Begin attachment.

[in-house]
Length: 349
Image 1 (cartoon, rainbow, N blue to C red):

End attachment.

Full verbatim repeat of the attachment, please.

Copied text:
[in-house]
Length: 349
Image 1 (cartoon, rainbow, N blue to C red):